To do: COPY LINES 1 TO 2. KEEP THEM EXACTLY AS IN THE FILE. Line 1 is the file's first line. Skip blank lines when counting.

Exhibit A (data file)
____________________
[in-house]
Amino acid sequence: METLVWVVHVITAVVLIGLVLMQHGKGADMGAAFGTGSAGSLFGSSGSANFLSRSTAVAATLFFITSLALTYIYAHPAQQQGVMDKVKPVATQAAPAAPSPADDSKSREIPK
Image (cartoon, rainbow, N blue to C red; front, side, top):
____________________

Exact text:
[in-house]
Amino acid sequence: METLVWVVHVITAVVLIGLVLMQHGKGADMGAAFGTGSAGSLFGSSGSANFLSRSTAVAATLFFITSLALTYIYAHPAQQQGVMDKVKPVATQAAPAAPSPADDSKSREIPK